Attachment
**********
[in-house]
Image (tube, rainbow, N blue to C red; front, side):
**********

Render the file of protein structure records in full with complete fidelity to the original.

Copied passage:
[in-house]
Image (tube, rainbow, N blue to C red; front, side):